I’ve been in shock for weeks. Ever since I first heard on the local news that a young woman put her ex-boyfriend’s puppy in a 300 degree hot oven, closed the door and propped a chair against the door, I have been upset. It’s unbelievably horrifying that a human could and would do such a terribly heartless thing. If you want to be as shocked as me, read the report in the Champaign-Urbana News-Gazette .
I try not to think about it. My brain is as horrified as the rest of me and seems to need to repeat intricate thoughts of the experience for the puppy before he or she died. An innocent animal is picked up by a familiar person, having no expectation of what is to come. He’s suddenly set on searing hot metal and cries out. No one helps him.
See? My brain can’t accept it.
In my fiction writing, people get hurt and people suffer and people die. But it’s fiction. In my current series, Fierce Hearts, the main characters are not human, they are were-lynxes. Being half-human, half-animal affects how they present and experience the world. It influences how they treat the planet and the beings that populate it. The Fierce Hearts series books deal with diabolical activities committed by the bad guys. Human bad guys.
In the first book, Secrets, the bad guys are people who have joined together to form The Nexus Group in order to create a world more to their liking, and in the process hurt humans and animals alike. The colony, led by Casey Mitchell, understands the ways of humans but it’s not in their nature as were-lynxes to cause arbitrary and selfish destruction. They accept the responsibility of thwarting the bad guys for the better good and use their keen senses and special abilities to end the chaos. And in the midst of the colony’s problems and personal issues, the hero, Casey, and the heroine, Michelle, find love.
In the next book, Cravings, the colony’s problems with TNG expand. During a rescue of animals at a TNG research facility, the colony discovers the group has stolen children from were-lynx families to groom them for contributing to the take-over of all resources and power. One of those children, Kennedy, has grown up, and now, rescued by the colony from a dangerous drug project, has to address the trauma she’s endured her whole life. The colony, comprised of Casey Mitchell, Asher Monroe and his sister Lara Monroe, Conrad Pike, Booker Chase and his wife Shaun, Asia Blue, Lara Monroe, and Tizzy Sands, welcome her into their family-like circle and help her to unlearn destructive ways. In the process, she, too, finds love with a fellow colony cat, Asher.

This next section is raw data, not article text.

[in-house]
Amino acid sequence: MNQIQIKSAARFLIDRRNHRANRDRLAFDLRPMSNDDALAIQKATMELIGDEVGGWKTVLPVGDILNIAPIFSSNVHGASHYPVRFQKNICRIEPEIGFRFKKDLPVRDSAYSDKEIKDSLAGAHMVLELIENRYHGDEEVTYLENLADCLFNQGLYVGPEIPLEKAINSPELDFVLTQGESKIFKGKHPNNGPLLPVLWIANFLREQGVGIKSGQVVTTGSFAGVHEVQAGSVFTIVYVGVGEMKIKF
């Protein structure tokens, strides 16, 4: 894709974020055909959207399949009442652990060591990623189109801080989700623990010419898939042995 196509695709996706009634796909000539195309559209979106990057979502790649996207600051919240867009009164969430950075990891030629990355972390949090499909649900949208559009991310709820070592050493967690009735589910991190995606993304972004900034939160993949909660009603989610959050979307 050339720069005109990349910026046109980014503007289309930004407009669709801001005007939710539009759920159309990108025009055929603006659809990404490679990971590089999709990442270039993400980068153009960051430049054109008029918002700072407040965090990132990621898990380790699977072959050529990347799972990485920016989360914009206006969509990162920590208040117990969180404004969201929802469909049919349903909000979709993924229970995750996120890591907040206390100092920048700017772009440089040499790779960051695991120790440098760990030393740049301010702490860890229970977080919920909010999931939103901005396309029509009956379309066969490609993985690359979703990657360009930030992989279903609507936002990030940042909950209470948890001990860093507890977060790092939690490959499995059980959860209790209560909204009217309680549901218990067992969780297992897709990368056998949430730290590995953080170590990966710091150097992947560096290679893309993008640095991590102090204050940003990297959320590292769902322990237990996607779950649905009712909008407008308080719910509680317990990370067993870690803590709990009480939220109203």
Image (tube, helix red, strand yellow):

However, the battle continues as TNG seems to be unstoppable. In the third book, Heartfelt, the were-lynxes discover the next horrifying plan in the works for TNG is to create a hunter’s paradise, providing captive big game to hunt. It’s a shoe-in who will triumph in the so-called hunt. The humans. Asia and Conrad, BFFs, are drawn into the machinations of TNG, when Asia discovers her alcoholic mother has been kidnapped and is a subject in TNG’s research projects conducted by Phoenix Biosciences. Each were-lynx has a special ability at their disposal, and when they shimmer into lynx form, they are ferocious, strong, and fearsome. Still, the conflict pushes the were-lynxes ‘abilities to the edge. The lynxes have an advantage over the humans by nature. But they are at a disadvantage, as the humans will stop at nothing to win the struggle. Casey’s colony members respect life. All life. And are rewarded with sorrow and loss and self-respect and love, as Asia and Conrad become more than just best friends.
So you see, while I write stories with real-life inner conflicts and put characters in dire situations, I can make characters with strong morality and kindness and respect for life. It doesn’t change the way real people conduct themselves and I’m no judge. But it does offer me a bit of “setting things right” when atrocities occur at the hands of people. While people are awesome and complex and capable of kindness and generosity and great intelligence and creativity, we are capable of poor choices and causing great harm. It’s human nature.